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It was a clear case of courting disaster. Telling the truth, the whole truth and nothing but the truth, British Judge Peter Openshaw, presiding over a trial of three men accused of Internet terror offenses, painfully confessed: "I don't understand the language. I don't really understand what a Web site is."
The law might not be an ass, as Dickens's Mr. Bumble charged, but this time the judge certainly made an ass of himself.
Before you mumble, "There ought to be a law against it," take into account that such trials and errors take place in courtrooms everywhere. Many years ago, as a Hebrew University research assistant to sociologist Prof. Brenda Danet and sociolinguist Prof. Shoshana Blum-Kulka, it was my job to go over records of trials and find cases in which the judge (shofet - also used for a referee, by the way) and the defendant (nitba') had clearly misunderstood each other. They might both have been speaking Hebrew, but they were, in effect, speaking different languages. Just as English-speaking judges tend to use Latin, Israeli judges frequently use classical Hebrew terminology, meting out not so much poetic justice as justice in poetic terms.
The criminal mind, however, is not exactly linguistically innocent, either. Many defendants use their own slang, which proves that when it comes to language, they are a law unto themselves. I recall an incident in which the defendant referred to a Caspomat (literally a brand name for an ATM, but used to describe a "hole-in-the-wall"-style distribution point for drugs) and utterly confused the presiding judge, who was banking on it meaning something else entirely.
Nowadays, the global village seems to suffer from the "Law & (dis)Order effect," in which plaintiffs rely on knowledge gained through TV courtroom dramas without realizing you can't plead the Fifth Amendment in a country that doesn't even have a constitution. And calls of "objection" and "sustained" don't ring out when the average Israeli has his day in court, despite their popularity in American television series. In fact, it's a world apart from the TV version, more often "in camera" (bidlatayim sgurot as they say in Hebrew, "behind closed doors") than on camera, without even a jury to witness the event.
Not, of course, that trials are restricted to Mr. Average. An embarrassingly long list of politicians and top officials can discuss the strength of their convictions in the most negative sense of the word. They might not seem very appealing to the general public, but the majority will at least try to appeal convictions that might affect their future careers, wonderfully known as crimes of moral turpitude (or in Hebrew, avera sheyesh 'immah kalon).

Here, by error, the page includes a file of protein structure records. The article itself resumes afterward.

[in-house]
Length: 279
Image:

Translating legal terms is an art form. For instance, the word "sentence" itself is used differently. "Mishpat" in Hebrew can mean either a sentence in the grammatical sense or a "trial" or simply the "Law," whereas the word "sentence" in English refers to the verdict (in Hebrew, gzar din, which can also mean decree). I rest my case.
And why are briefs (taktzir) called briefs when they are often so long and twisted?
No wonder many people are turning instead to arbitration (gishur - from the word "gesher," bridge).
Most confusing of all is trying to figure out the difference between the Supreme Court (beit hamishpat ha'elyon) and the High Court of Justice (beit hadin hagevoah letzedek, usually shortened to bagatz), in which the Supreme Court rules as "a court of first instance" - I promise you that is English - primarily in matters regarding the legality of decisions of state authorities. Both reside in the same beautiful building, conveniently close to the Knesset, designed to architecturally incorporate themes of light and darkness and justice. Just when you think you've sorted out their respective roles, it seems the ball's figuratively in the other court.
There are, of course, countless jokes about lawyers (many of them told by lawyers, orchei din, themselves), but they have my full admiration - and I'm not just playing devil's advocate here. I love what their legal minds do with words. Someone yells down the phone: "Sue the bastard!" and the average attorney quickly translates that into a letter diplomatically starting something like: "It has come to our attention..." ("noda' lanu") and ending with the polite-sounding threat: "We will be forced to take further action" (nifne le'arka'ot).
Israel is constantly discussing judicial activism (activism shiputi) and the "Buzaglo test" (mivhan Buzaglo), the principle of Israeli law that the country's highest personages and most ordinary citizens - the hypothetical defendant Haim Buzaglo - should be judged by the same courtroom standards. But judge for yourself what goes on elsewhere. Take, for example, the case in the US that has won headlines like The New York Times' "Judge Tries Suing Pants Off Dry Cleaners," in which Roy L. Pearson, Jr., is suing the dry cleaner for $67.3 million for misplacing a pair of trousers he wanted to wear his first week on the bench.
It seems to take the principle of "tzedek, tzedek tirdof" - pursuing justice - and turn it more into a matter of persecution (redifa) than prosecution, amida ladin.
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